The state workshops offer the opportunity to explore specific state issues and identify solutions with those who are responsible for developing effective financing alternatives to meet the future infrastructure needs of the country. Looking forward to 2014, we’ve been asked to do more workshops in states around the country and will be holding a workshop in Wilimington, Delaware on December 5, 2015 with federal and state leaders participating.

Following are links to the PowerPoint Presentations from the CA Workshop.

 

 

 

 

MBUFA, CalTRANS and SCAG Join Together for a MBUF Workshop

Click Here to View the California Workshop Agenda

MBUFA is pleased to announce that we are partnering with CalTrans and SCAG to present a one day Workshop.

The Workshop will explore Mileage-based User Fees as an option for replacing California’s gas tax.

The workshop will take place October 7 in Glendale, California.

Please Register For Free At:  https://www.eventbrite.com/e/california-sustainable-transportation-funding-workshop-tickets-13007131681

 

Member Computer Aid, Inc. Returns As Premier Sponsor for Mileage Based User Fee Alliance Conference And Workshop Series

Peter J. (Jack) Basso, Chairman of the Board, announced today Computer Aid, Inc. is returning as a premier sponsor to the Mileage Based User Fee Alliance Conference and Workshop Series.  In making the announcement, Basso said, “Computer Aid, Inc is a leading consultant for revenue collection systems used in the mileage based use fee endeavor and is a wonderful partner to MBUFA in advancing our conference and workshop series.  We are particularly pleased they have returned as a premier sponsor for the second year.”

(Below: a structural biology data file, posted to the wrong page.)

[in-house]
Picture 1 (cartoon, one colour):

MBUFA presents a number of workshops throughout the country to educate and inform thought leaders on using mileage based user fees as a viable financial basis for funding transportation infrastructure.  The next workshop is scheduled for October 7th in Los Angeles, California and is co-sponsored with the California Department of Transportation.

Memorial Day Spike in Revenue?

Memorial Day marks the start of summer and an increase in driving. With that comes the inevitable spike in gasoline prices. It is easy to assume that these higher gas prices would generate significant extra revenue to the Highway Trust Fund and extend the drop dead date for when the Trust Fund runs out of money.

It won’t.

The current gasoline tax is fixed at 18.4 cents per gallon and not indexed to the price. That means that it doesn’t rise or fall based on the price of gas at the pump. Consumers pay the same amount of tax whether the base price is high or low. Additionally, an increase in the percentage of fuel efficient cars that comprise the total number of cars on the road, coupled with the non-indexed gas tax, means that there will not be a Trust Fund windfall. The looming transportation financing crisis will not take a summer vacation.

States are grappling with the problem of diminishing transportation funding from the federal government balanced against a crumbling infrastructure. This precarious position has forced many states to explore innovative solutions. This is what states do best—incubate new policies. Need an example? The gas tax currently in place today was born in the states and wasn’t adopted by the federal government until it was working and accepted in the majority of states.

In the new transportation bill, Congress needs to support testing and exploration of different financing options to identify what works, what doesn’t, and provide policy options for the future.